The Promise

Historical Drama Feature


Brilliant medical student Michael (Oscar Isaac) meets beautiful dance instructor Ana (Charlotte Le Bon) in late 1914. Their shared Armenian heritage sparks an attraction that explodes into a romantic rivalry between Michael and Ana’s boyfriend (Christian Bale), an American photojournalist who’s dedicated to exposing the truth. As the Ottoman Empire crumbles into war-torn chaos, their conflicting passions must be deferred as they join forces to get themselves and their people to safety.


The work required on The Promise was both challenging and culturally very sensitive. Due to the nature of the story the source music needed extensive research so as to ensure accuracy in rendering new,  modern recordings of material rooted deep within Armenian and Turkish tradition.

James had to work closely with Armenian musicians and musicologists both in London and Yerevan and Madrid where the production was based finding exponents of instruments such as the Zurna, Ney,  Duduk,  Shvee,  Kamancha,  Oud and Quanun.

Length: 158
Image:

Adaptations and new arrangements of heartfelt folk and classical music pieces ensued in close connection with the director and in consultation with virtuosic musicians from the region. Some music was recorded in London and some in Armenia,  a highlight of which was an adaptation of Gohanamk  from a liturgy by Komitas recorded in Saint Gregory the Illuminator Cathedral.

In some cases,  the political and cultural pain from the genocide was still not healed,  echoing on after 100 years and,  as such,  James even had to work the session schedule around different groups of players to avoid any upset.

It was a fascinating experience and an important movie, with pertinent reminders that music can be a common language and in fact two warring nations are in fact often bound by the strings of their instruments and the skins of their drums.